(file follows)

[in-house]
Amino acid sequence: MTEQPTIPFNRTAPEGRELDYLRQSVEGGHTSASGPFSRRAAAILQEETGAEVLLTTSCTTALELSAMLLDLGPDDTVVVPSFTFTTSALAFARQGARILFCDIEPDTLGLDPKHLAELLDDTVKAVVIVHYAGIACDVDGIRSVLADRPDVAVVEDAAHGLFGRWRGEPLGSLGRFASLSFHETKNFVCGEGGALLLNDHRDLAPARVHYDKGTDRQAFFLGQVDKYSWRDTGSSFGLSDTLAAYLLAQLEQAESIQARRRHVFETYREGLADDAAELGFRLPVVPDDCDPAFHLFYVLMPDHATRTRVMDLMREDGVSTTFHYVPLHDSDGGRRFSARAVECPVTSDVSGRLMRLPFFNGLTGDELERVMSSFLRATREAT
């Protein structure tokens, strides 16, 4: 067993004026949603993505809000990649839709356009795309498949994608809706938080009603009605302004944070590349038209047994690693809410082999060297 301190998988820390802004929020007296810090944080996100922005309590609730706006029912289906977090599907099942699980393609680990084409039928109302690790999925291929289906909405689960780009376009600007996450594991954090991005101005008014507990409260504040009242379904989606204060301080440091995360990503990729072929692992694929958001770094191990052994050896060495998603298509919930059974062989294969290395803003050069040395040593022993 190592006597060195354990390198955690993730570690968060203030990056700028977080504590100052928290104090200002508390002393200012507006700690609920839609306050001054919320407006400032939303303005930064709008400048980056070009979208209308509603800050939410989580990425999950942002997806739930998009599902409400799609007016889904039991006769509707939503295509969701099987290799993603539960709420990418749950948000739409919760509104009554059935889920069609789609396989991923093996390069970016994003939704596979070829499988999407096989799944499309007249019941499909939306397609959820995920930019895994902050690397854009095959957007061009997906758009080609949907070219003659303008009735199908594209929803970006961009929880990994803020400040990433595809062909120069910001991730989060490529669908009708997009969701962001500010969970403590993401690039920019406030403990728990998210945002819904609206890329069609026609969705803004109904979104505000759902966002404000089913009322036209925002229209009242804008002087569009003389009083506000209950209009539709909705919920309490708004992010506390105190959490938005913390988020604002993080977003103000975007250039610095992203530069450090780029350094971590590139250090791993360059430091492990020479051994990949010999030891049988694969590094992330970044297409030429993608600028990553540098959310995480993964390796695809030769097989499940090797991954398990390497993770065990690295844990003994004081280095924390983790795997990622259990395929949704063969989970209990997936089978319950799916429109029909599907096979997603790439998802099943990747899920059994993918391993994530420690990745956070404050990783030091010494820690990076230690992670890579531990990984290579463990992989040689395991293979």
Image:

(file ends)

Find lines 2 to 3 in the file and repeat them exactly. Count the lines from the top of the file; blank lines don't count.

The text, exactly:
Amino acid sequence: MTEQPTIPFNRTAPEGRELDYLRQSVEGGHTSASGPFSRRAAAILQEETGAEVLLTTSCTTALELSAMLLDLGPDDTVVVPSFTFTTSALAFARQGARILFCDIEPDTLGLDPKHLAELLDDTVKAVVIVHYAGIACDVDGIRSVLADRPDVAVVEDAAHGLFGRWRGEPLGSLGRFASLSFHETKNFVCGEGGALLLNDHRDLAPARVHYDKGTDRQAFFLGQVDKYSWRDTGSSFGLSDTLAAYLLAQLEQAESIQARRRHVFETYREGLADDAAELGFRLPVVPDDCDPAFHLFYVLMPDHATRTRVMDLMREDGVSTTFHYVPLHDSDGGRRFSARAVECPVTSDVSGRLMRLPFFNGLTGDELERVMSSFLRATREAT
């Protein structure tokens, strides 16, 4: 067993004026949603993505809000990649839709356009795309498949994608809706938080009603009605302004944070590349038209047994690693809410082999060297 301190998988820390802004929020007296810090944080996100922005309590609730706006029912289906977090599907099942699980393609680990084409039928109302690790999925291929289906909405689960780009376009600007996450594991954090991005101005008014507990409260504040009242379904989606204060301080440091995360990503990729072929692992694929958001770094191990052994050896060495998603298509919930059974062989294969290395803003050069040395040593022993 190592006597060195354990390198955690993730570690968060203030990056700028977080504590100052928290104090200002508390002393200012507006700690609920839609306050001054919320407006400032939303303005930064709008400048980056070009979208209308509603800050939410989580990425999950942002997806739930998009599902409400799609007016889904039991006769509707939503295509969701099987290799993603539960709420990418749950948000739409919760509104009554059935889920069609789609396989991923093996390069970016994003939704596979070829499988999407096989799944499309007249019941499909939306397609959820995920930019895994902050690397854009095959957007061009997906758009080609949907070219003659303008009735199908594209929803970006961009929880990994803020400040990433595809062909120069910001991730989060490529669908009708997009969701962001500010969970403590993401690039920019406030403990728990998210945002819904609206890329069609026609969705803004109904979104505000759902966002404000089913009322036209925002229209009242804008002087569009003389009083506000209950209009539709909705919920309490708004992010506390105190959490938005913390988020604002993080977003103000975007250039610095992203530069450090780029350094971590590139250090791993360059430091492990020479051994990949010999030891049988694969590094992330970044297409030429993608600028990553540098959310995480993964390796695809030769097989499940090797991954398990390497993770065990690295844990003994004081280095924390983790795997990622259990395929949704063969989970209990997936089978319950799916429109029909599907096979997603790439998802099943990747899920059994993918391993994530420690990745956070404050990783030091010494820690990076230690992670890579531990990984290579463990992989040689395991293979």